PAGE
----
If you're a fan of an NFL team from another city, the sports bar is your home away from home. Lots of big HDTVs are a must, as is a good selection of draft beers. Good food is a plus, especially good wings.
There aren't a lot of Kansas City Chiefs fans here in Washington, D.C. , and my K.C. friends refuse to leave the suburbs on Sundays, so I usually end up chatting with fans of other teams. It's great. I've met so many great people and learned so much about what the sports scene is like in so many other cities just from sitting down next to fans from other teams.
There's just something about NFL Sundays.
Bars around the country are full of fans like me, spending $50 on beer and food every Sunday. These NFL Sundays are obviously very important to bars and restaurants.
If there's no NFL season next year, that business will just dry up. Few folks are going to trudge through the cold on their day off to sit in a bar and watch whatever sports fill the void -- NBA? NASCAR? UFL?
Some folks may go to the movies or some other form of entertainment, but they won't be sitting in the bars and restaurants downing beer after beer, eating wing after wing.
And the sports bars might as well just shut down on Monday nights if there's no season. Why else would anyone come out on a Monday night?
The beer business will take it on the chin even harder. Not only will there be less demand from bars and restaurants, breweries and distributorships will lose millions in beers sales at the games and to fans who drink lots of beer while watching at home.
As the season progresses into the playoffs and culminating with the Super Bowl, house parties grow bigger and bigger. Families and friends come together around the television to watch the games.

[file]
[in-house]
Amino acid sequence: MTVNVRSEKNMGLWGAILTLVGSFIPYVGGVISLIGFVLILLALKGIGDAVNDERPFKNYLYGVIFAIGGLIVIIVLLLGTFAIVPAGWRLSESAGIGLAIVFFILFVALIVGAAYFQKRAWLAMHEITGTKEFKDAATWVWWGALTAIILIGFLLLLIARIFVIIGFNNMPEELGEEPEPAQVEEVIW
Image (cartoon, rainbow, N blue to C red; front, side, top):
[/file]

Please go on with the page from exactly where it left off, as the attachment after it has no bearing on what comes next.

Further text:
But just as they are willing to black out regular season games for fans in San Diego and Jacksonville and Buffalo and Oakland, NFL owners are willing to black out an entire season. The owners want the players to take an 18% pay cut. Whether or not they are justified in asking the players to take a pay cut, we don't know - the owners won't open up their books.
If NFL Sundays are important to you, it's up to you to demand that the owners and the players both commit to taking a work stoppage off the table. This dispute doesn't pit owners against players. It pits owners against players against fans. And unless the fans speak with a unified voice, their message that a work stoppage is unacceptable will be lost.
Please join the Sports Fans Coalition before our NFL Sundays are lost.
Brian Frederick is the Executive Director of Sports Fans Coalition. He holds a Ph.D. in Communication and lives in Washington, D.C. Email him at email@example.com.